LIGHTHOUSE PRINCIPLE: STRUCTURE
(based on ASX Principle 2)
The Audit Office has a well-defined governance structure consisting of the Office Executive, independent Audit and Risk Committee and Remuneration Committee, as well as an external audit function and an internal audit function (see independent assurance and corporate reporting).
The Office Executive, with the Auditor-General as Chair, directs the affairs of the Audit Office and is responsible for:
- setting the strategic direction and monitoring performance against the Audit Office’s Corporate Plan and Future State Roadmap
- setting direction on the impact to the Audit Office of key changes to standards, legislation and machinery of government change that have a whole-of-office consequence
- ensuring the Audit Office is compliant with relevant laws, directions, codes and practices, ensuring key policies are regularly reviewed, up-to-date and relevant, as well as embedding a culture of compliance
- operating in accordance with the Audit Office’s values and embedding a culture of ethical and lawful behaviour
- overseeing the Audit Office’s financial performance and sustainability.
The Office Executive consists of the Auditor-General as Chair, the Deputy Auditor-General, Assistant Auditors-General from Financial Audit and Performance Audit, and the Executive Director Corporate Services. Meetings are also attended by the Executive Director Quality and Innovation, the Director of the Office of the Auditor-General as the Chief Risk Officer and Chief Audit Executive, and from time to time by management representatives. The CFO attends all monthly meetings.
The Office Executive has a broad level of experience, skills, and diversity to fulfil its oversight role. This includes disciplines in economics, accounting, law and business administration, experience in local and state government and the private sector, and diversity in gender and age consisting of four women and three men (at 30 June 2018) within a diverse age range. For further details on the skills and experience of members see the Office Executive.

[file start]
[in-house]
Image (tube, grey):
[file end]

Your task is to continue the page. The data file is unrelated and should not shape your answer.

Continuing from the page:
Key focus areas for the Office Executive during 2017–18 included:
- carrying out our new mandate to audit local government
- reassessing and tracking progress against the Audit Office’s Corporate Plan
- overseeing the Audit Office’s strategic initiatives including Local Government, Influencing for Impact, Reporting Process, Working Better, Working Together, Data Analytics, and Technology and Process Innovation
- reviewing the Audit Office’s strategic risks and monitoring actions to mitigate each strategic risk to an acceptable level
- working with NSW Treasury on their Financial Management Transformation program and associated legislation.
Audit and Risk Committee
The Audit and Risk Committee assists the Auditor-General by providing oversight and review of governance, risk management and internal control frameworks. In 2017–18, the committee reviewed:
- the strategic risk register, project risk management, fraud framework, and business continuity and disaster recovery plans
- the internal and external audit plan, internal and external audit reports and follow up of recommendations from these reviews
- the process for appointing the contracted internal audit service provider
- financial results and annual financial statements
- compliance with relevant applicable laws, regulations, government policies and directions, and Audit Office policies
- the internal control framework.
Management provided the committee with regular updates on progress against the Corporate Plan – important information for them to fulfil their responsibilities.